Maybe it’s us, but we find bits and pieces of J Dilla‘s sonic spirit in virtually all of what we hear, from the dustiest of boom-bap to the farthest reaches of the left-field spectrum. In fact, we find those delicious ear candies in so many places that it becomes difficult to imagine what the world might have sounded like without him. That is to say, how boundless his influence was and how dear his presence is to so many of y(our) favorite musicians and producers (as blurry as that line may be nowadays.) One particular musician straddling that greying line is the ever graceful, ever prolific contemporary jazz giant known as Robert Glasper, who has blessed us with a third installment of his masterful live interpretation of Jay Dee’s compositions AKA “Dillalude” — via OKP Premiere!
Where parts 1 and 2 commenced with messages from Q-Tip and Ma Dukes, the latest finds the track being introduced by Slum Village‘s only living OG in T3, who offers some kind words about RG and the GOAT before Glasper’s lush and perfectly minimal reconstruction begins. From there, we dive right into the type of tender, gently swung sonic specimen you might expect from a jazz pianist who openly admits that Dilla influenced him more than most instrumentalists in his own field; a tall order from one of the world’s most renowned ivory-smashers.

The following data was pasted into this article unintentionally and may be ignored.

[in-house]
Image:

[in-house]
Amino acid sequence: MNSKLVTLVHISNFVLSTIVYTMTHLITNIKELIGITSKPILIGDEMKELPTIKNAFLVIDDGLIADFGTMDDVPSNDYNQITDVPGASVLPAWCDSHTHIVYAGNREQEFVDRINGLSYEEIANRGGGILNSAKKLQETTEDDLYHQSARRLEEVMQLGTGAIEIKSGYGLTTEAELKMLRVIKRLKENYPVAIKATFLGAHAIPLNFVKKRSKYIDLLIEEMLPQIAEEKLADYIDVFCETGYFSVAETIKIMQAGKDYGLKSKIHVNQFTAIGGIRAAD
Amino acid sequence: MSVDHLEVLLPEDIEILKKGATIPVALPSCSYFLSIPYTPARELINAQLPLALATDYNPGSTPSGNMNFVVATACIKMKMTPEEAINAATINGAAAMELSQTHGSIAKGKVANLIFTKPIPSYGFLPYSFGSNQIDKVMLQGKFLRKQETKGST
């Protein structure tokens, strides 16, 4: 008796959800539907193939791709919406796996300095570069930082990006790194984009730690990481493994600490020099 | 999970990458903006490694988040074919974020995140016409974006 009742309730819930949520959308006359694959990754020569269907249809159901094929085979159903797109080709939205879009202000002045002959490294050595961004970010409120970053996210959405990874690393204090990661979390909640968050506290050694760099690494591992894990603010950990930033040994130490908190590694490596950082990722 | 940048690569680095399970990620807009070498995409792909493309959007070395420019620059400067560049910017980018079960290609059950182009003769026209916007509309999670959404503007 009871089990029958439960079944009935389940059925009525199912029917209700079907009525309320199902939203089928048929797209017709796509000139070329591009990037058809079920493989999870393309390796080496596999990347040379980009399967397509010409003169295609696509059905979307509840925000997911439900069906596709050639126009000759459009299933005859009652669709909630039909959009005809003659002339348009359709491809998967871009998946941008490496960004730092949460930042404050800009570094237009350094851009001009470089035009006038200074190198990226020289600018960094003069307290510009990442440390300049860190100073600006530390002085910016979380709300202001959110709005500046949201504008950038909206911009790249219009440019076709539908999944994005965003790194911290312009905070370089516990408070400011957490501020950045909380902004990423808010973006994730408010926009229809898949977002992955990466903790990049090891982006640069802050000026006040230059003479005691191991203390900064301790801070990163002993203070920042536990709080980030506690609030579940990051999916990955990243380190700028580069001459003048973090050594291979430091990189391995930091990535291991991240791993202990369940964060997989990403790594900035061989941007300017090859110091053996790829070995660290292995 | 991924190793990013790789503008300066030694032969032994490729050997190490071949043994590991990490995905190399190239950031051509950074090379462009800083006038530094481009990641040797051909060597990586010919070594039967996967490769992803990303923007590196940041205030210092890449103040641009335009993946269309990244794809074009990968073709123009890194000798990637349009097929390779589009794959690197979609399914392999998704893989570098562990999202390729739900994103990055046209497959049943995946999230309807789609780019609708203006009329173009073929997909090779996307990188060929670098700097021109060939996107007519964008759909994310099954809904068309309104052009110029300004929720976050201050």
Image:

What’s more, Glasper has provided us with a personal account of the very first time he met the legend and entered the lab with him while working on Bilal‘s First Born Second. Below you can read about the humility, poise and sharing-is-caring nature that Dilla exuded when we walked this Earth as the great do-er of our time. Listen as Robert Glasper, Damion Reid and Vicente Archer (the OG trio) raise it up for Jay Dee and provide us with the lovely “Dillalude 3”, an outtake from their forthcoming Live At Capital Records LP, slated for a June release. Stay tuned, as we’ll be bringing you more Dilla reminiscences throughout the day.
“So when I met Dilla, the first thing I asked him was ‘Where’d you get “Still Shining?’” which was a song he did for Busta Rhymes, which is one of my favorite hip-hop beats of all time. Actually, it’s my favorite hip-hop beat of all time. He literally pulled out the record and showed me what he did and how he did it right there. He was a very sharing kinda dude, you know you asked him a question and he’d tell you exactly how he did it.
He wasn’t insecure. I know a lot of producers and beatmakers that tell me “Dilla used to send me beats, he would send me a pile of beats just to have.” He was always sharing, always giving his stuff away. Cats out here are like “yeah, he sat me down, showed me how to use the MP.” I know a lot of stories like that with different cats. And that just shows somebody who has great humility and a cat that’s not insecure. When you’re dope to the core like that, you’re not scared.”